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Lewis v. Ellington

United States District Court, M.D. Alabama, Northern Division

January 28, 2019

KUATEZ LEWIS, # 291535, Petitioner,
v.
EDWARD ELLINGTON, et al., Respondents.

          RECOMMENDATION OF THE MAGISTRATE JUDGE

          CHARLES S. COODY, UNITED STATES MAGISRATE JUDGE

         I. INTRODUCTION

         This case is before the court on a pro se petition for writ of habeas corpus under 28 U.S.C. § 2254 filed by Alabama inmate Kuatez Lewis (“Lewis”) on February 3, 2017. Doc. # 1.[1] Lewis challenges his guilty plea convictions and resulting sentence entered by the Montgomery County Circuit Court for the offenses of attempted kidnapping in the first degree, attempted rape in the first degree, and robbery in the third degree. He presents claims that (1) his trial counsel provided ineffective assistance; (2) the State failed to give him sufficient notice that it was amending a first-rape charge to attempted first-degree rape; (3) the trial court failed to wait three days after he signed the plea agreement before accepting his guilty pleas; and (4) no evidence was presented to support his convictions. Doc. # 1 at 5-8; Doc. # 17 (Amendment to Petition) at 5. The respondents argue that Lewis's petition is time-barred by the one-year federal limitation period. See 28 U.S.C. § 2244(d). Doc. # 11 at 3. The court agrees with the respondents and finds that Lewis's petition should be denied without an evidentiary hearing.

         II. DISCUSSION

         A. AEDPA's One-Year Limitation Period

         Title 28 U.S.C. § 2244(d) of the Antiterrorism and Effective Death Penalty Act of 1996 (“AEDPA”) provides the statute of limitations for federal habeas petitions and states:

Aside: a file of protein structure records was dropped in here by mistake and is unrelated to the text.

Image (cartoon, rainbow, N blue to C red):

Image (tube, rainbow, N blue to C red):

(1) A 1-year period of limitation shall apply to an application for a writ of habeas corpus by a person in custody pursuant to the judgment of a State court. The limitation period shall run from the latest of-
(A) the date on which the judgment became final by the conclusion of direct review or the expiration of the time for seeking such review;
(B) the date on which the impediment to filing an application created by State action in violation of the Constitution or laws of the United States is removed, if the applicant was prevented from filing by such State action;
(C) the date on which the constitutional right asserted was initially recognized by the Supreme Court, if the right has been newly recognized by the Supreme Court and made retroactively applicable to cases on collateral review; or
(D) the date on which the factual predicate of the claim or claims presented could have been discovered through the exercise of due diligence.
(2) The time during which a properly filed application for State post-conviction or other collateral review with respect to the pertinent judgment or claim is pending shall not be counted toward any period of limitation under this subsection.

28 U.S.C. § 2244(d).

         B. Lewis's State ...


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